You need plants that are tough and don't need a lot of light. That means they aren't going to grow very fast, but they will probably survive. Here are some options for your first plants in a very low light setup (under 1.5 watts per gallon), and please note that the pictures are of specimens that were probably grown under more light and thus are more lush and green:

Java Fern - an old standby, this plant grows off of a rhizome and should not be planted in the substrate or the rhizome will rot. Simply tie it to a rock or driftwood or anchor it on top of the substrate and it will attach itself via roots. Java Ferns are very slow growers and produce little baby plants on their leaves. These can be separated once large enough and anchored and they will grow into a new plant.

Java Moss - a stringy moss that also grows slowly can be grown un-anchored (it actually naturally sinks) or tied to an object to which it will attach. Not the prettiest plant in a low light environment as it tends to be stringier, but a very hardy plant. It can become somewhat of a pest though if it gets into your filter, though I've never had a problem with this since it sinks.

Duckweed - a floating plant that grows rapidly on the surface of the water, duckweed can often be gotten for free from any pet store, where it is often an unwanted pest. It sucks up nutrients rapidly and can quickly cover the surface of your aquarium blocking most light, so if you have other plants, duckweed is not recommended. It is also quite hard to get rid of once you get it, since the leaves can be tiny and if you leave even just one behind it can turn into hundreds in a short amount of time. Some fish do enjoy eating this plant though, especially goldfish.

Anubias - Most of the Anubias available will grow in almost any light and are quite pretty. However, some grow to be quite large, so you may want to look online for a "petite" variety that tends to stay much smaller. These plants also have a rhizome and should not be buried in the substrate but tied to driftwood, rocks, or anchored above the substrate. Anubias are very slow growers as well.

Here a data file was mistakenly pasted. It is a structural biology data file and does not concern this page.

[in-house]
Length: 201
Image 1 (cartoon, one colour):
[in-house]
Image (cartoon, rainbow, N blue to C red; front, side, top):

Aponogetons - These plants grow from a bulb and do well in low light. They can however get quite large as well. Plant the bulb under the substrate just as you would a normal plant. Many come in the form of dried bulbs available as "mystery plants" at less than reputable pet stores. To grow it, simply plant the bulb in the substrate.

Cryptocorynes - Depending on the type of crypt, some can survive in very low light. Most of the commonly available varieties (
C. wendtii) are fairly hardy. They grow slowly, but don't like being moved around after they're rooted.

These plants shouldn't need any fertilizers aside from what you regularly feed your fish and should stay alive in almost any aquarium. Growth will be slow, but that's to be expected with these plants and low light. With these plants, you can have a planted aquarium with almost no additional effort on your part. The plants will help to clean the water and add oxygen and should increase the overall stability of the aquarium. Another benefit of these slow growing, hardy plants is that you don't have to worry about
trimming back your plants every week (except Duckweed, which may need thinning out every week or so, but all that takes is a scoop or cup).

From there you can slowly add better lights, better substrate, CO2, and fertilizers at a rate that you're comfortable with. I'd recommend adding CO2 first, before brighter lights, only because adding brighter lights with no CO2 can lead to algae problems. That and adding CO2 to an aquarium with low light can till provide a noticeable boost in plant growth (almost as big as a new light).

Or you can simply enjoy it as is. You can certainly make an attractive planted aquarium without any additional technology or effort. So go ahead, add a few hardy plants and take the plunge into planted aquariums!

Friday, January 12, 2007

Gigantic Cylindrical Aquarium in Berlin

I know this isn't a freshwater tank, but I just had to share this when I found it. This is the world's largest cylindrical aquarium apparently. It's located at the Radisson Hotel in Berlin and by my calculations is roughly 695,000 gallons! It's so big you can scuba dive in it. Imagine doing a water change on that?

Wednesday, January 10, 2007

Benefits of Plants in the Aquarium

While surfing around the other aquarium websites on the internet, most dealing with fish only freshwater aquariums, I noticed that a large part of keeping a fish only aquarium is trying to overcome the drawbacks of not having live plants. It also made me realize how hard it was to actually keep fish when I still had a fish only aquarium. Diseases such as Ich were commonplace, and although the medicine was available to treat the diseases, I still invariably lost a few fish along the way. This never struck me as strange until now. Instead of desperately trying to keep the fish alive, in a planted aquarium the goal shifts to keeping the plants happy. If the plants are happy, the fish thrive. This is due to the immense benefits that keeping live plants in an aquarium can bring, including: